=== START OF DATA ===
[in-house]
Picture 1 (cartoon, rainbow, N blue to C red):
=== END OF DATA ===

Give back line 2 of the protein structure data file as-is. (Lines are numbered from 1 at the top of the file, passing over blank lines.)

Picture 1 (cartoon, rainbow, N blue to C red):